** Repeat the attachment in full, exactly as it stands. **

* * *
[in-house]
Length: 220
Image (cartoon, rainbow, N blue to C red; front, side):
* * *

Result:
[in-house]
Length: 220
Image (cartoon, rainbow, N blue to C red; front, side):